The Fae Worlds

The New Arrivals

The Crashed Ship

“Arlo, do you know much about what happened to the ship?” Galen glanced at me. “I know you managed to get one of the engineers off the ship.”
“Yes, Tom. He wanted to share everything he knew, as I’m pretty sure he believed he’d die before we managed to get him off the ship, and it was important to him we knew we needed to be careful. The engines were damaged in such a way he believed someone sabotaged the ship. However he never found out who it was. There is a chance they’re one of the survivors here.” I looked at the young woman in the bed, one of the many people I’d rescued from the ship. “For now I think we trust those who were trapped, while keeping a wary eye on the others.”
She, looking more thoughtful than surprised, turned her attention to the hospital. “I know a little about the Paladin, and how they were set up. As the journey we were on was a long one the majority of us were put into stasis before take off. I think, in total, there were around 350 people on the ship, with a hundred of those being the engineers tasked with keeping the ship in space.
“Ten of those engineers would be awake at any one time, with them having a decade on before they slept for ninety years.” She turned to Galen. “Each one of them would have a pass code to make it possible for them to have access to all areas of the ship. We were all given a tour before the journey, so we had an understanding of the layout, in case there was any kind of emergency. There were life pods in multiple areas, to make it possible for us to get to safety should something like this happen.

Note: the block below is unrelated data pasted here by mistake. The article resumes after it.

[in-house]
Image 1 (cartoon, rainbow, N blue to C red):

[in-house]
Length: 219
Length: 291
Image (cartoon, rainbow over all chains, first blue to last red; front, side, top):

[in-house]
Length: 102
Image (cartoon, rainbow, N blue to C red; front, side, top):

“Due to us not being engineers none of us should have had any of those pass codes, which makes me think it’s unlikely it would have been anyone else, and yet I can’t be entirely certain of that. I don’t know enough about the other people on the ship. What I do know is we were all chosen for a specific reason.
“When I applied to make the journey they wanted to know a lot before they were willing to let me on the Paladin, because it was about us having the best chance of survival. I met, during the orientation we had, a couple of chefs, a hunter, some farmers, and three other builders.”
“Other builders?” Galen smiled. “Does that mean what I think it does?”
Nodding, she smiled back. “Yes, it does, and am I to assume being a builder might make me useful to you?”
“I would say so.” There was a moment of silence before he spoke again. “The plan was for you to get to a specific world?”